While Ballet Russes's 1929 revival, choreographed by Michel Fokine, was said to have been "ruined chiefly by some jugglers [Sergei] Diaghilev had borrowed from a circus," here the big-top elements added to the visceral excitement. Breona Noack's Fox found her scaling two strips of cloth and doing a joint-defying split, her legs in an outstretched line ten feet above and parallel to the floor. David Hunt's Rooster spasmodicaly strutted to a finale comfortably aloft on an outstretched rope, again well-suspended above the stage.
Add to this the lithe, smiling contributions of Erin Shrader (Cat) and Jodie Power (Goat), and quite possibly among the sexiest baby chicks and foxes (Christie Welter, Abigail Munn, Artemis Anderson, and Sarah Moss) that one is ever likely to encounter, decked out respectively in feather pompom bustiers and furry brassieres -- a definite multimedia spectacular (although for once at Oakland Opera, no projected visuals beyond supertitles, which was just a fine situation). The libretto, Stravinsky's Russian own, based on Russian folk tales from the collection by Alexander Afanasyev, was translated into French by C.F. Ramuz, English by Rollo H. Myers, and co-credited in the OO's program booklet to Robert Craft -- a neat trick, since the latter was not born (1923) until after the piece's 1922 premiere.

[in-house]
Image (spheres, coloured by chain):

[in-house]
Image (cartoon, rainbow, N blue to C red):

And the singing? Oh yes, the singing. Well-executed throughout by Ben Jones, Darron Flagg, Igor Vierra, and Richard Mix, with the ensemble incisively conducted by Diedre McClure, despite the fact that some of the sound gets lost in the cavernous upper reaches of the OO's new venue (N.B. this is not your grandparents' grand opera for warhorses, but rather a rustic warehouse -- having recently moved from a smaller, yet somewhat similar space -- where resident genius composer/director/empressario Tom Dean holds forth in a stained t-shirt).
And the rest of the program? Oh yes, the rest of the program. A fine micro-mini masterpiece (Pastorale) from grand singer, Oakland Opera board member, and fellowette Dominican University musica alumna Kimarie Torres (the original Curley's Wife for my opera on John Steinbeck's [Of] Mice and Men back in the early 90's); and the ever-popular Solder's Tale.
Perhaps too popular these days. If Renard is underdone, perhaps Histoire has been heard a bit more in the opposite direction. It's still a great work, of course, and, as the Oakland Opera notes "Renard looks back, while Histoire looks forward to [Stravinsky's] neoclassic period. It also is the first of the composer's pieces to -- how shall we say this decorously...well, I guess we can't... -- show a bit of laziness, of putting in the time. While Stravinsky had never before, and probably never again, literally recapitulated so much (and so little) music, and while this does make for a singular, telling effect... Still, it's a little much. After after multiple variants of the three opening selections, I, for one, am always ready and relieved when the music finally moves on.